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~~The GTX 670 Overclocking Master-Guide~~ - Page 16

post #151 of 3357
Quote:
Originally Posted by brettjv View Post

Anything anyone says about 'what happens' from OC'ing core or memory ... it's just a rough guideline of what to expect. In reality, an unstable OC of either Core or Memory could cause anything from artifacting to driver crashes to bsod to system freezes. It's not written in stone exactly what's going to happen from either core or mem being too high.
And even just your 'stock' clock of 1241 (including the KB) is pretty decent clock on a 670 thumb.gif

ah, gotya. I'll have to mess around with it a bit more and see if I can eek out anything extra from it.

and agreed! May not get to that 1300 number it seems everyone wants to hit, but considering that makes like a 5 fps difference, by the time that performance becomes relevant in gaming, it'll be time for a new card upgrade anyways biggrin.gif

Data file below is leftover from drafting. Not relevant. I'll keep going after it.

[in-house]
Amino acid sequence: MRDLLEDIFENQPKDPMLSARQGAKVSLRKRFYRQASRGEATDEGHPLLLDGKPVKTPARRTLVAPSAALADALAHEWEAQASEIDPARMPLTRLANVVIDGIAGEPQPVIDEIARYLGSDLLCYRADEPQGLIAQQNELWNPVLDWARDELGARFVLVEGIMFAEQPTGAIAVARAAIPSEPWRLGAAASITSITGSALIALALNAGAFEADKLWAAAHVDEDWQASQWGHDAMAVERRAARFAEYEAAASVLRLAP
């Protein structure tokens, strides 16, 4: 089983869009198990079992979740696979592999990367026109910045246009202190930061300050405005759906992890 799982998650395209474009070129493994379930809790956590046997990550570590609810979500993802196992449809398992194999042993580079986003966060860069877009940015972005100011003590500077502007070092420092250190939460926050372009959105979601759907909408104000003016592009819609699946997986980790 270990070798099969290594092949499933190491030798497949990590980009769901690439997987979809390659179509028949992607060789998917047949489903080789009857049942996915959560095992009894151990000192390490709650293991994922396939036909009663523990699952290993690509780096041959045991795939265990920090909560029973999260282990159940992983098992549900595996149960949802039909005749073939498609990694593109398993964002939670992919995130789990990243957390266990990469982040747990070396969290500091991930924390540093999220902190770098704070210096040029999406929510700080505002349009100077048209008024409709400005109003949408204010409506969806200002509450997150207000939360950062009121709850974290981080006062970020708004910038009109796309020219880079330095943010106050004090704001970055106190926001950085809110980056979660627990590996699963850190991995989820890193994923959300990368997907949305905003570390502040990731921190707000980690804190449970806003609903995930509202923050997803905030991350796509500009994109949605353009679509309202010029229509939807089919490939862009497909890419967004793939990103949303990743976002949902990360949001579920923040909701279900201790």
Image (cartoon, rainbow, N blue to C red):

Thanks for your responses man, appreciate the knowledge!
post #152 of 3357
Does the long version guide work for GTX 670s SLI?
post #153 of 3357
Because, when I turn up my GPU clock offset, for both 670s on Precision X, only the first GPU Boost Clock goes up in GPU-Z..
post #154 of 3357
I'm loving the wealth of information provided by OP teaching.gif +rep, I've got a lot of reading to do.
post #155 of 3357
If my voltage is left at auto, it starts at 1.175 but drops to 1.162 and then to 1.150 as the temperature rises. I'm curious as to why nvidia implemented this since the reduction in voltage seems to have more potential to cause instability than lower temps.

(Running Unigine 3.0)
Voltage set to 1.175 (steady at 1.175): max temp 80
Voltage on Auto (1.175 dropping to 1.150): max temp 80

With auto fan control, fan speed maxes out at 57% in both cases.